Value of a one dollar note by Andy Chalkley. Creative Commons Attribute.

In a country with a velocity of two, money is changing hands twice each year on average. By my calculations, one-sixth of money is Circulating Money and five-sixths is Hoarded Money.

Velocity of Money equals Two by Andy Chalkley. Creative Commons Attribute

In a country with a velocity of one, money is changing hands once each year on average. By my calculations, one-twelfth of money is Circulating Money and eleven-twelfths is Hoarded Money.

Velocity of Money equals One by Andy Chalkley. Creative Commons Attribute

In the carrot and egg example, it is not the total volume of tokens that influences trade, it is the volume of tokens that are in Circulating Money. It is wrong to say the economy depends on the Money Supply alone. It depends on Money Supply AND velocity. You can say that the economy depends on ‘Money Supply and velocity’ or you can say that the economy depends on Circulating Money. To study the Circulating Money is essential to the understanding of the mechanics of maintaining a money system. I now give you a table of equivalents. It is fairly easy to comprehend that a velocity of one is equivalent to a Hoarded Money percentage equal to ninety-two and a velocity of 12 is equivalent to a Hoarded Money percentage equal to zero.

 Velocity Circulating Money Hoarded Money
 12 100% 0%
 10 83% 17%
 5 42% 58%
 3 25% 75%
 2 17% 83%
 1.5 12% 88%
 1 8% 92%
 0.75 6% 94%
 0.5 4% 96%
The Velocity of Money and its relationship to Hoarded Money. Creative Commons Attribute - Andy Chalkley.

Velocity is an indicator of the level of hoarding. Low velocity is indicative of a high level of Hoarded Money and a low volume of Circulating Money in the real trading economy.


Hoarded Money has no value.

Here are some typical velocity graphs:

Velocities of many countries compared. Creative Commons Attribute - Andy Chalkley.
Percentage of Circulating Money of many countries compared. Creative Commons Attribute - Andy Chalkley.
Velocity of Money Global. Creative Commons Attribute - Andy Chalkley.
Velocity of Money in the Canada. Creative Commons Attribute - Andy Chalkley.
The percentge on money that is circulating in Canada. Creative Commons Attribute - Andy Chalkley.
Circulating Money and Hoarded Money in Canada. Creative Commons Attribute - Andy Chalkley.
Canada Circulating Money and Tax Revenue by Andy Chalkley. Creative Commons Attribute by Andy Chalkley. Creative Commons Attribute.
Circulating Money, Hoarded Money and Debt in Canada. Creative Commons Attribute - Andy Chalkley.

Modern money commonly changes hands twice a year (or less) which is expressed as: Velocity equals two. The reason is that we are not using money for its intended purpose. We are hoarding it rather than using it for its original purpose. Just as in the village, the practice of hoarding tokens inhibits transactions involving eggs and carrots. In our society, hoarding damages the Real Economy. Possession limits growth. The carrots and eggs section of the economy can be classed as the Real Economy. In the modern economy, almost all money is hibernating. Out of interest, Hoarded Money has no value. When money is hoarded, a similar amount has to be introduced into circulation to prevent a shortage of money. If hibernating money is brought back into circulation, an equal amount of Circulating Money needs to be removed to prevent an inflationary event. I shall explain this more clearly in other chapters. Just imagine that, in our modern world, all the money in tax havens was suddenly spent into the real economy! The effect would be catastrophic. Thus I say that: “The money in tax havens has no value.” It is actually a stack of virtual money waiting to cause a hyperinflation. If you wanted to design a hyperinflation event, you would allow vast quantities of money to be hoarded, then trigger the hoarders to spend their hoards all at once. Our society will not be destroyed by a nuclear explosion but by a financial Armageddon. The enemies will trigger a financial collapse by triggering the spending of Hoarded Money. This could be by forcing tax haven money into circulation.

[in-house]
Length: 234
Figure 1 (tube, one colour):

In the modern world, we manipulate the use of money so much and put so much human effort into its manipulation that we watch our Real Economy get destroyed. We import food and goods and watch our industry collapse whilst an army of financial advisers fight to tell us how to make ‘more money from money’. Those that make money from money are considered to be clever rather than parasitic. If traders in the real economy have no money with which to trade, there is no economy. The vultures would destroy our real economy industries just to make an addition to their hoards.